Noodles Recipes

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Bun Rieu Chay Recipe (Vietnamese Vegetarian Vermicelli Rice Noodle Soup) Recipe

Bún riêu cua is traditionally a vermicelli rice noodle soup made with tomato broth, meat, crab and shrimp paste. I'm not a very big fan of the meat flavors with shrimp paste so I usually make it meatless, using a paste of soybeans (and add the crab separately). The visuals and texture resemble the crab patties and the broth has the same fragrance from the sweet tomatoes.

The soup is typical Vietnamese comfort food. It's paired with the usual Vietnamese aromatic herbs and topped with other vegetables and fried tofu for a complete meal.


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Glass Noodles with Vegetable Stir Fry (Jap Chae) Recipe

This glass noodle dish (also known as cellophane noodles, dam myun in Korean and harusame in Japanese) is made from sweet potato starch. The dish is very similar to chow mein, but aesthetically the noodles look translucent once they're boiled and their texture is chewier.

I prepared the noodles with king mushrooms, oyster mushrooms, pan-fried tofu, baby spinach, carrots, sweet potatoes and cauliflower. The dish is relatively easy and quick to make if you have all the veggies prepped in advance.


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Bun Mang Ga (Vietnamese Bamboo Shoots and Chicken Vermicelli Rice Noodle Soup)   Recipe

In Vietnamese cuisine, it is very common to eat soup for breakfast. Súp bún măng gà, literally bamboo and chicken rice noodle soup, is a wonderful way to start your day. The key to making excellent soup is to make excellent broth, and that is largely dependent on using young bamboo shoots and infusing it with the aroma of chicken.

This recipe is also perfect for a rainy day or when you're a little under the weather. You can make a big pot of the broth and freeze it for later use. Just reheat, add some cooked chicken and bamboo shoots, and you're ready to eat. Try this recipe the next time you need some chicken noodle soup for your soul.


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Crispy Egg Noodles with Mixed Vegetables (Mi Xao Don) Recipe

Mì xào dòn chay, literally "vegetarian crispy sautéed noodles" in Vietnamese, is probably the most typical comfort food in Vietnamese cuisine. Its sauce is quite similar to ma-po tofu and adds an interesting, richer texture when it's blended with the crispy noodles. The addition of mixed vegetables and tofu makes it a very healthy dish even though the noodles are fried.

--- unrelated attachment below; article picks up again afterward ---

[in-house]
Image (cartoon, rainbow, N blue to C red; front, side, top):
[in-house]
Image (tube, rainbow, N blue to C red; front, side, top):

This dish reminds me of my first date with my husband at a Vietnamese restaurant back in 2000. I remember that mì xào dòn chay was the only vegetarian dish on the menu. I ordered the beef version mì xào dòn bò. I started eating and Lulu, shy, was staring at me. I asked him if everything was okay; I was thinking that maybe he didn't like this dish. And he said that he was afraid to be clumsy and spill the sauce everywhere and asked me if I could mix the sauce and crispy noodles for him. I found it so adorable. I have been mixing the sauce and noodles for him every time I make this dish ever since. 


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Vegetarian Chow Mein (Chinese Sauteed Noodles with Tofu and Vegetables) Recipe

I've noticed that kids love chow mein. It's probably because they are crazy about soft noodles in general. I usually make a huge pot of stir-fry green beans and tofu the day before and use the leftover to make chow mein. I love making chow mein, I think it's because of the sizzling sound of the stir-fry vegetables and noodles in the wok. And it's quite some exercise stir-frying and lifting a large quantity of food using 2 big spatulas, so you will feel like you've earned the calories when you eat it!

The combination of stir-fry noodles, vegetables and soy sauce is a  classic in Chinese cuisine. Make chow mein at home; there's no need for take out. It is always a hit.

 


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